Heavy rain, flash flooding, and severe weather will ramp up on Friday in the central U.S. ahead of a developing low pressure system
Light snow and freezing rain are possible for portions of the Plains, Mississippi Valley, and Great Lakes
Colder than average for the West Coast to Northern Plains and much warmer than average in the eastern half of the nation
Heavy snow once again possible in higher elevations of the Northwest Friday into Saturday
An upper-level trough over the western half of the contiguous U.S. will strengthen tonight and Friday as additional energy comes in. A frontal system at the surface will move slowly through Friday as the trough develops, before both features move eastward this weekend. Moisture from the Gulf of Mexico will flow into the vicinity of the fronts, leading to increasing rain chances today and especially on Friday for the Southern Plains into much of the Mississippi and Ohio Valleys. After rainfall of up to an inch in those areas today into tonight, rainfall totals are forecast to be 3 to 5 inches on Friday and Friday night in a swath from far northeastern Texas to eastern Oklahoma, northwestern Arkansas, and southwestern Missouri. Thus, there is a Moderate Risk of flash flooding in those areas for Friday. Flood and Flash Flood Watches are in effect across much of Missouri, Illinois, and Indiana ahead of the rainfall. Additionally, the Storm Prediction Center has outlooked an Enhanced Risk of severe weather on Friday for parts of the Southern Plains to Lower Mississippi Valley.
On the backside of this system, light to moderate snow is expected in the Intermountain West and Rockies today, spreading eastward tonight and Friday. A wintry mix of snow, sleet, and freezing rain is possible in portions of the Southern/Central Plains into the Middle Mississippi Valley and northeastward into the Great Lakes region Friday into Saturday after the cold front drops the temperatures. Freezing rain amounts of over a tenth of an inch are currently forecast for parts of Missouri into southeastern Iowa.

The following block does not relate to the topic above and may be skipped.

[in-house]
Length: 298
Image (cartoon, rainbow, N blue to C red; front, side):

The strong front will also lead to significant temperature anomalies across the country. Ahead of the front, high temperatures will be 15 to 25 degrees above average from the Plains into the Mississippi, Ohio, and Tennessee Valleys today, with low temperatures Friday morning more than 30 degrees above normal over a large part of that area–widespread record high minimum temperatures are expected to be set over the next couple of days. The Eastern Seaboard will join in on the warmth on Friday. Colder than average temperatures are forecast for the western half of them country, however, due to the first front and a secondary cold front which is expected to reinforce the cold air. By Friday, high temperatures in the single digits are forecast for the north-central tier of the nation.
Another low pressure system is forecast to approach the Northwest on Friday, which combined with more upper-level energy will lead to heavy precipitation. Rain is forecast for lower elevations of the Pacific Northwest, with snow elsewhere from the Cascades to the Northern Great Basin and Northern Rockies. Through Friday night, heavy snow of over 2 feet is expected in higher elevations of the Cascades, with the Northern Rockies expecting snow totals in excess of a foot.
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